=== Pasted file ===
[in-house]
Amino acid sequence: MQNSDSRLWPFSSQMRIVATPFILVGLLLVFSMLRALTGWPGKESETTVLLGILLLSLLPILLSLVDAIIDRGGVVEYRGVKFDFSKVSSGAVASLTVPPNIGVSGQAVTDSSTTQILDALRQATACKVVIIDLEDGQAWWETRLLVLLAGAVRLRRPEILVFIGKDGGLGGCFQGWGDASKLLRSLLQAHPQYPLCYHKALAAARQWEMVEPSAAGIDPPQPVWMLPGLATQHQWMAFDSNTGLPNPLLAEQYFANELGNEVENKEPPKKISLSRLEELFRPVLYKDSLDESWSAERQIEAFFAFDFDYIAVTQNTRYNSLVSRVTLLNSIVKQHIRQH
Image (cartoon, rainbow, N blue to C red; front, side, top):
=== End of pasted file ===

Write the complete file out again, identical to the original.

[in-house]
Amino acid sequence: MQNSDSRLWPFSSQMRIVATPFILVGLLLVFSMLRALTGWPGKESETTVLLGILLLSLLPILLSLVDAIIDRGGVVEYRGVKFDFSKVSSGAVASLTVPPNIGVSGQAVTDSSTTQILDALRQATACKVVIIDLEDGQAWWETRLLVLLAGAVRLRRPEILVFIGKDGGLGGCFQGWGDASKLLRSLLQAHPQYPLCYHKALAAARQWEMVEPSAAGIDPPQPVWMLPGLATQHQWMAFDSNTGLPNPLLAEQYFANELGNEVENKEPPKKISLSRLEELFRPVLYKDSLDESWSAERQIEAFFAFDFDYIAVTQNTRYNSLVSRVTLLNSIVKQHIRQH
Image (cartoon, rainbow, N blue to C red; front, side, top):